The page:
Letters for ending the homeless relief duty


Free letters are now available for homeless officers in England who wish to end the homelessness 'relief' duty.

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There are links to each letter below.

Yes, I know. I'm spoiling you homelessness folk recently.

A few of the following letters were previously available, but there's now a full suite of templates for ending the relief duty.

This is the 56-day duty to take reasonable steps to help homeless persons obtain accommodation (under section 189B of the Housing Act 1996).

The letters

Ending the relief duty when the applicant is NOT in temporary accommodation

The following should be used when interim accommodation hasn’t been provided:

Ending the relief duty AND the s.188 interim accommodation duty

The following are for when you’ve secured interim accommodation:

Too many versions?

At first glance there might seem to be far too many letters. The sheer number is confusing, particularly if you encounter them in one 'lump'.

An explanation is therefore required (and for staff probably some kind of tool in your software, to help them locate the relevant document and avoid bamboozlement).

There are eight statutory grounds which councils can use to end the relief duty. Most of them are listed at section 189B(7). In addition the duty can be ended under section 193A (refusal of final offer) and under sections 193B and 193C (refusal to cooperate).

However, in practice decision-makers are likely to need more than eight letters. This is because there are a variety of situations which letters need to make specific provision for, depending on:

  • whether interim accommodation also needs to be withdrawn, and
  • whether a section 184 decision on priority need and intentionality also needs to be notified (and if so, what the decision is regarding priority need and intentionality).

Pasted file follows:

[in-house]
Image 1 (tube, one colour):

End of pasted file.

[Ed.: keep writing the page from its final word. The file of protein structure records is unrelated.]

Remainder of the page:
So having additional versions provides staff with tailored templates that, so far as possible, don't require fundamental alteration.

Of course decision-makers will always need to make some amendments. Most obviously they need to be prepared to:

  • summarise how the facts of the case demonstrate that the relevant legal tests are satisfied in the particular case, and
  • give reasons for adverse findings.

In relation to the number of letters it's also worth bearing in mind that some of the following letters are included merely for the sake of completeness. They'll rarely be used in practice (e.g. becoming ineligible during the relief period).

How do I download these letters?

As access to these is reserved for council and PRPSH staff you'll need to:

  • create an account using a council or housing association email address (if you haven't already done so)
  • wait for your 'official' status to be approved (you'll receive a second email after creating the account), and then
  • go to the relevant page for the particular document in the Resources section.

Feel free to drop me a line if you experience any difficulties when trying to create an account or download the letters.


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